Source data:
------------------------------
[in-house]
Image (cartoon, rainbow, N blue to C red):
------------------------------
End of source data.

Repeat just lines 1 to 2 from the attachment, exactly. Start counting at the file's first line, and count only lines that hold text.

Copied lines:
[in-house]
Image (cartoon, rainbow, N blue to C red):